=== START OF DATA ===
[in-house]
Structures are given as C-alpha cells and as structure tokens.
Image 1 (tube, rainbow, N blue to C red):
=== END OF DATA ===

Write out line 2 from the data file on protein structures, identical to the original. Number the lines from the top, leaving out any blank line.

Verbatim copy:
Structures are given as C-alpha cells and as structure tokens.